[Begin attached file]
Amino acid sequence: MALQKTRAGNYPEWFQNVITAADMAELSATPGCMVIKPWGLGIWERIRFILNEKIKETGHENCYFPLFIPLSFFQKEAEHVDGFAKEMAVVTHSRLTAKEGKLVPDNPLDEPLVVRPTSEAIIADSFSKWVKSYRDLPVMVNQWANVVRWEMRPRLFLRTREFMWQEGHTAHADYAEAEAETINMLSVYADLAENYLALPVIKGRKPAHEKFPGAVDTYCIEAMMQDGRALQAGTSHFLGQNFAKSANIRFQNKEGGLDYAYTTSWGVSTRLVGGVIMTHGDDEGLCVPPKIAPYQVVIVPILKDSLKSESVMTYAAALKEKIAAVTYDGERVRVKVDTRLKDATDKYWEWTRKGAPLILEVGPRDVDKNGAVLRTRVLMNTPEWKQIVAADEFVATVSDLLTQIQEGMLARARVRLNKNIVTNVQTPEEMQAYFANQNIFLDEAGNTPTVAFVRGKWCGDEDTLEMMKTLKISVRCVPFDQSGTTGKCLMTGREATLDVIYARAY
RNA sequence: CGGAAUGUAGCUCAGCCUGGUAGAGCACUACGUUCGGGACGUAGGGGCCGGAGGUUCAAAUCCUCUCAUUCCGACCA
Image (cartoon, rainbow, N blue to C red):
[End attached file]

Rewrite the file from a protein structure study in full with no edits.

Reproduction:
Amino acid sequence: MALQKTRAGNYPEWFQNVITAADMAELSATPGCMVIKPWGLGIWERIRFILNEKIKETGHENCYFPLFIPLSFFQKEAEHVDGFAKEMAVVTHSRLTAKEGKLVPDNPLDEPLVVRPTSEAIIADSFSKWVKSYRDLPVMVNQWANVVRWEMRPRLFLRTREFMWQEGHTAHADYAEAEAETINMLSVYADLAENYLALPVIKGRKPAHEKFPGAVDTYCIEAMMQDGRALQAGTSHFLGQNFAKSANIRFQNKEGGLDYAYTTSWGVSTRLVGGVIMTHGDDEGLCVPPKIAPYQVVIVPILKDSLKSESVMTYAAALKEKIAAVTYDGERVRVKVDTRLKDATDKYWEWTRKGAPLILEVGPRDVDKNGAVLRTRVLMNTPEWKQIVAADEFVATVSDLLTQIQEGMLARARVRLNKNIVTNVQTPEEMQAYFANQNIFLDEAGNTPTVAFVRGKWCGDEDTLEMMKTLKISVRCVPFDQSGTTGKCLMTGREATLDVIYARAY
RNA sequence: CGGAAUGUAGCUCAGCCUGGUAGAGCACUACGUUCGGGACGUAGGGGCCGGAGGUUCAAAUCCUCUCAUUCCGACCA
Image (cartoon, rainbow, N blue to C red):